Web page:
|Matthew Henry's Concise Commentary|
13:13-22 Job resolved to cleave to the testimony his own conscience gave of his uprightness. He depended upon God for justification and salvation, the two great things we hope for through Christ. Temporal salvation he little expected, but of his eternal salvation he was very confident; that God would not only be his Saviour to make him happy, but his salvation, in the sight and enjoyment of whom he should be happy. He knew himself not to be a hypocrite, and concluded that he should not be rejected. We should be well pleased with God as a Friend, even when he seems against us as an enemy. We must believe that all shall work for good to us, even when all seems to make against us. We must cleave to God, yea, though we cannot for the present find comfort in him. In a dying hour, we must derive from him living comforts; and this is to trust in him, though he slay us.
Verse 21. - Withdraw thine hand far from me; i.e. "thy afflicting hand." Job views all his physical suffering as coming directly from the hand of God - momentarily caused by him, and therefore removable by him at any moment. He has no thought for secondary causes. And let not thy dread make me afraid. Job speaks here and elsewhere of spiritual terrors - those vague and impalpable fears which suggest themselves inwardly to the soul, and are tar more painful, far more dreadful, than any amount of bodily anguish. Unless he is free from these, as well as from physical pains, he cannot plead his cause freely and fully.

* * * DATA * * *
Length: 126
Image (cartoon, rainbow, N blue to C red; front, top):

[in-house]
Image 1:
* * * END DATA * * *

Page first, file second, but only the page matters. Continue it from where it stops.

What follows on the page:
Gill's Exposition of the Entire Bible
Withdraw thine hand far from me,.... His afflicting hand, which pressed him; this he desires might be removed, or otherwise he could not have the command of himself, make use of his reasoning faculties, recollect his arguments, and give them in their due force and strength; for afflictions of body affect the soul and memory, understanding and judgment; this is one of the things he would have agreed unto before the dispute was entered on; the other follows:
and let not thy dread make me afraid; the terrors of his law, or the dreadful apprehensions of his wrath; he desires to be freed from all slavish fear of God, that now possessed his mind through the severity of his dispensations towards him, behaving as if he was his enemy; or he deprecates his appearance in any external visible way and manner, which might be frightening to him, and so hinder freedom of speech in his own defence; these two things are before requested, Job 9:34; which should they be granted, he proposes as follows.
Jamieson-Fausset-Brown Bible Commentary
21. (See on Job 9:34 and see Ps 39:10).
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